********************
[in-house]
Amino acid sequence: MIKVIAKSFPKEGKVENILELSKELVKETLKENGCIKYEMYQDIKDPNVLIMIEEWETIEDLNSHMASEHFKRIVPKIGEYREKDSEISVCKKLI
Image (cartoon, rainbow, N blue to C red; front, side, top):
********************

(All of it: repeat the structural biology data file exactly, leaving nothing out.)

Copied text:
[in-house]
Amino acid sequence: MIKVIAKSFPKEGKVENILELSKELVKETLKENGCIKYEMYQDIKDPNVLIMIEEWETIEDLNSHMASEHFKRIVPKIGEYREKDSEISVCKKLI
Image (cartoon, rainbow, N blue to C red; front, side, top):